Facebook's value soars to $1 trillion after huge legal decision
District Judge James Boasberg has dismissed the complaints filed last year by the Federal Trade Commission (FTC) and state attorneys general led by New York's Letitia James.
The complaint claimed that Facebook violated antitrust laws by buying photo-sharing app Instagram and messaging service WhatsApp to eliminate any competition and continue its monopoly.
However, in the filing, the court states that the FTC did not prove Facebook controls over 60% of the market – a monopoly.
"Although the Court does not agree with all of Facebook's contentions here, it ultimately concurs that the agency's Complaint is legally insufficient and must therefore be dismissed," reads the filing from District Court for the District of Columbia.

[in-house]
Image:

"The FTC has failed to plead enough facts to plausibly establish a necessary element of all of its Section 2 claims - namely, that Facebook has monopoly power in the market for Personal Social Networking (PSN) Services."
Market reacts to decision
Facebook, which was founded by Mark Zuckerberg in his dorm room in 2004, has recently found itself under siege by American regulators and politicians, who want to keep the company under a tight rein.
The platform boasts of nearly 2.85 billion monthly active users as of the first quarter of 2021, while Instagram has nearly 1.074 billion users worldwide and WhatsApp is reported to have more than two billion monthly active users globally.
"The Court agrees that the first – the possession of monopoly power in the market for Personal Social Networking Services (as defined by the agency) – is not adequately pleaded here," the filing reads. "No more is needed to conclude that the Complaint must be dismissed."
The FTC has until July 29 to file an amended complaint. Following the ruling, the social media giant's market cap breached the $1 trillion milestone for the first time.
Cover photo: 123rf/Panithan Fakseemuang